Growing Up With Teacher Parents & the Amazing Impact It Had On My Life

We often hear about the effects teachers have on their classroom kids, but what about their real-life kids? As the child of a teacher, my memories are full of early mornings in the classroom and evenings on the softball field. With both mom and dad as teachers, you may be surprised just how much my parents’ profession impacted my upbringing. This status as a teacher’s kid affected more than just my daily life when I was younger; it absolutely molded me into the person I am today–one whose characteristics include a love of children and an odd obsession with office supplies.

You’re Mr. Denson’s daughter, aren’t you?

The cashier ringing up my gas and green tea looked at me twice before asking the question.

I am.” I smiled. 

It was a question I’d been asked hundreds of times over the years.

He was my all-time favorite math teacher. How is he doing now?

He’s great. Still teaching!

Just like that, I’m reminded of a student-turned-adult that a teacher impacted; and not just any teacher, but MY parent. You see, I got a double dose of this teacher’s kid thing. For every one former student that asked about my dad, there was another reminiscing on their good times in my mom’s classroom.

These days, it’s the quick reminders from strangers that remind me of my parents’ profession, but as a child, my life revolved around it at times. At nine, it was a pretty sweet gig; my mom taught at my school and she was always there if I forgot my snack money. At fifteen, this kid-of-a-teacher status was a feeling of anxiety that eyes were always watching me; it was rolling eyes and annoyance. Today? It’s a thankfulness for the positive role modeling in a world where many kids didn’t get the same.

We often dissect and discuss the science behind how teachers affect their classroom kids…but what about their real-life kids? Speaking from experience, it’s one of my upbringing’s defining characteristics.

Being a teacher’s kid is knowing early mornings in a quiet classroom and late evenings at a loud basketball game. It’s doing homework at the kitchen table while your mom grades a stack of essays beside you. It’s being the “manager” of your dad’s softball team, running out to grab bats between plays and tallying up batting averages on the bus ride home.

It’s a Saturday morning at the school on a work day, where you’re surrounded by volunteers cutting trees and sprucing up the shrubs. It’s a strained smile when you ask to have friends over on the weekend because your parents have already entertained one kid too many this week.

It’s an early August trip to Dollar Tree for the new school year essentials. It’s this feeling of thinking you’re always supposed to be one of the top readers in the class. It’s this expectation that you’re the “smart kid”. It’s, at times, a love/hate relationship.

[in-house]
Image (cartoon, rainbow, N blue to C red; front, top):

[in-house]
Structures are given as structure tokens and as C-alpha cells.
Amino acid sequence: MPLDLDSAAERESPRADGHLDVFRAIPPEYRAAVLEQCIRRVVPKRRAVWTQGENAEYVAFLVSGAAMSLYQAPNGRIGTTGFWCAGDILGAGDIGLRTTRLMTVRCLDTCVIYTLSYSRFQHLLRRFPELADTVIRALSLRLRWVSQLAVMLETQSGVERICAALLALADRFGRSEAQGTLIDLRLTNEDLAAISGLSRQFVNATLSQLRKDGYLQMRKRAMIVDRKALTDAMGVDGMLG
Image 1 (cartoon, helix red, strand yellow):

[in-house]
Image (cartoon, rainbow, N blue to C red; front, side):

Being a teacher’s kid is also having your parents’ undivided attention on summer vacation. It’s stability. It’s middle class. It’s living frugally but having so much more than just what you need.

It’s a mom that knows your friend’s names/identities/background information/likes/dislikes/behavior/everything. It’s a dad that never lets you use a calculator because “you can add it up yourself”.

It’s a mom who understands the importance of having the blue backpack and the cool pencils. It’s a dad that has pictures of your achievements all over his classroom.

Once you’re a teacher’s kid, there’s no turning back. You’ll always think “the beginning of the year” refers to August, not January. You’ll always have this odd love of fresh office supplies and papers that are freshly stapled.

You’ll have all of these fond memories that revolve around your parents just loving people; and before too long, you’ll be knee-deep in volunteer work at the school and in the community. You’ll find yourself giving rides home from school to a kid in need. You may even secretly love the fulfillment that this work brings.

You’ll forever have this desire to help people because it’s the only life you’ve known. You’ve been taught to have a giver’s heart and it’s just something you can’t outgrow.

Then, one day, if you have a classroom of your own, you’ll have even more respect for those teachers and parents who raised you. You’ll wonder exactly how they had the capacity after teaching all day to still come home and make you feel so special.

If parents are God’s hands in the home, then teachers are His feet in the rooms and hallways of the school; and if I know one thing for sure, it’s that I owe my empathy, passion, and love of children to my teacher parents.

Growing up with teacher parents & the Amazing Impact It Had On My Life

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Whitney Ballard is a writer and teacher from small town Alabama. She owns the Trains and Tantrums blog, Whitney went from becoming a mom at sixteen to holding a Master’s degree in Education; she writes about her journey, along with daily life, through a Christian lens on her blog. When she’s not writing, you’ll find her in the backyard with her husband, two boys, and two dogs.

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